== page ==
Michigan seeks to reinstate ban on
straight-ticket voting for fall election
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[August 11, 2016]
(Reuters) - Michigan's attorney
general has asked a federal appeals court to reinstate a law banning
straight-ticket voting - the practice of using one mark to vote for all
candidates from one party - in time for the November general election.
The law, passed by Michigan's majority Republican legislature and signed
by Republican Governor Rick Snyder, was temporarily suspended in federal
district court last month. A coalition of civil rights and labor groups
had argued that it would keep African-Americans from voting.
On Wednesday, Attorney General William Schuette, also a Republican,
filed two emergency motions with the U.S. Court of Appeals for the Sixth
Circuit, saying the law would not place a burden on voters or violate
the U.S. Voting Rights Act, as the coalition had alleged in a lawsuit
aimed at overturning the legislation.
"Forty other states ban straight-ticket voting and no case anywhere has
ever suggested it was unconstitutional or violative of the voting rights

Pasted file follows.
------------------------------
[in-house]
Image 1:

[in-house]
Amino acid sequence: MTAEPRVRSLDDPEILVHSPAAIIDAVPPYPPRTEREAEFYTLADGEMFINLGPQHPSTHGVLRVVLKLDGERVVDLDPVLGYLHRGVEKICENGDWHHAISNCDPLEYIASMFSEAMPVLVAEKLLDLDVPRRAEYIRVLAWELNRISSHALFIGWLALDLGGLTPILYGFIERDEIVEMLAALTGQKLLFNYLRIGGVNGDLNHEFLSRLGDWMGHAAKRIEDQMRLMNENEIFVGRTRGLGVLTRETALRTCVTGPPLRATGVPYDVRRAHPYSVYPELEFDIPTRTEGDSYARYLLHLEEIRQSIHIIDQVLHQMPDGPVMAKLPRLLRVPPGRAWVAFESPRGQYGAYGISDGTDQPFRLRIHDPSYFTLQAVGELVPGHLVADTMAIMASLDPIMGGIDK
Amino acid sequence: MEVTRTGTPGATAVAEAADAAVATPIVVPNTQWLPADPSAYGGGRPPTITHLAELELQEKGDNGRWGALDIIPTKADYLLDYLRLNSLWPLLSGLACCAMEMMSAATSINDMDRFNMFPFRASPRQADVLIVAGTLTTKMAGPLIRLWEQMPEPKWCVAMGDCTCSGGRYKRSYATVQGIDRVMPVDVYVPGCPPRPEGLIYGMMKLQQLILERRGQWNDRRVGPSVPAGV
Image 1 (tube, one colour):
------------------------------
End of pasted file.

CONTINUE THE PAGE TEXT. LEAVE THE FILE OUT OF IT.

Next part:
act," Schuette wrote in the motions.
He has asked for the law to be reinstated in time for the November
presidential election, while the lawsuit is being fought in court.
The Michigan law is among a number of state voting rules that have been
fought in the courts ahead of the November election, along with stricter
voter identification laws in some states and laws on the voting rights
of felons in others.
Citing a report by a specialist with the U.S. Census bureau that found
that African-Americans were more likely to use straight-ticket voting
than white voters, U.S. District Court Eastern District of Michigan
Judge Gershwin Drain last month granted a preliminary injunction sought
by civil rights and labor groups who sued Secretary of State Ruth
Johnson in an effort to overturn the law.
[to top of second column]
Michigan Governor Rick Snyder pauses as he speaks at North Western
High School in Flint, a city struggling with the effects of
lead-poisoned drinking water in Michigan, May 4, 2016.
Straight-ticket voting, often favored by labor groups and political
parties who recommend voters support a slate of candidates, was
common in the United States for much of the 20th Century.
Opponents complained the practice made it difficult for voters who
wished to choose among candidates of different parties and that
removing the option forces voters to make decisions based on
criteria other than party affiliation.
Today, only nine states offer voters the option of voting for a
party's entire slate with one mark, according to the National
Conference of State Legislatures.
(Reporting by Sharon Bernstein; Editing by David Gregorio)
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